The governments own figures predict that this could lead to a large increase in healthcare costs.
The Trudeau government is planning to change a rule that restricts people with illnesses and disabilities from immigrating to Canada.
According to a report, “The federal government plans to permanently change the so-called “medical inadmissibility rule” against prospective permanent and temporary migrants who have a health condition that “might reasonably be expected to cause excessive demand” on Canadian health or social services.
The excessive demand cost is linked to average Canadian per capita health and social services. The cost threshold against migrants is updated yearly. In 2020, it was set at $21,204.”
On the official government page the Canada Gazette, the government claimed the current restrictions – which the Liberals have already weakened – were not ‘inclusive.’
“The original policy on excessive demand on health and social services, as currently reflected in the Regulations, is not aligned with the Government of Canada’s position that inclusion and diversity benefit Canadian society. The assessment of costs for certain services (including special education, social and vocational rehabilitation services, and personal support services) creates a barrier to immigration for persons with disabilities. The policy treats these costs as a burden to society, rather than as investments that enable participation, inclusion, and positive contributions. As a result, the current Regulations may unintentionally exclude persons with disabilities, who with the support of these services, might otherwise contribute to Canadian society, for example, by attending school, obtaining employment or volunteering their talents.”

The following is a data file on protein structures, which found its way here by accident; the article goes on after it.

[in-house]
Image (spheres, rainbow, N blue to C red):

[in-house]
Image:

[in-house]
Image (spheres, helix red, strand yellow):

Compassion goes both ways
This is the kind of thing the Trudeau government loves to do.
It seems compassionate, and it makes opponents seem cruel and cold-hearted.
However, compassion works both ways.
Our healthcare system has limited resources, and is there to first and foremost serve Canadian Citizens.
It is simply a fact that if restrictions are lifted on the immigration of individuals with illnesses and disabilities our healthcare costs will rise, meaning that either taxes will have to go up to maintain service, debt will increase, and/or services will be reduced, meaning further rationing of care.
That would be the opposite of compassion for Canadian Citizens.
Further, the government itself admits that this could have large costs (most relevant part bolded by me):
“IRCC compiled data from June 1, 2018, to May 31, 2019, in order to assess the impacts of the policy on P/Ts. In the year following the implementation of the public policy, there were 62 individuals with health-related issues, who were approved under the new definition, but would have been refused under the previous definition. Note that this figure includes some individuals who also required special education services. After examining the healthcare costs for these 62 people, it was found that admission of these individuals would incur healthcare costs to Canada of $4.2 million over five years (on average, $840,000 per year). Note that this assessment does not account for some applicants who were found to pose an excessive demand under the new definition but may be approved at a later date based on an acceptable mitigation plan (these decisions are made on a case-by-case basis and at migration officers’ discretion) or on compassionate and humanitarian grounds. Moreover, it does not account for the costs of special education services, as reliable data on special education services costs is not readily available.”
Reading what you saw above, you can see how this could be very expensive for the healthcare system.
And as we know, that’s exactly why previous governments of all political stripes chose to keep the restrictions in place previously.
By making this change, the Trudeau government may feel good about themselves, but they are showing a lack of compassion for the many Canadian Citizens who rely on our public healthcare system.
Photo – YouTube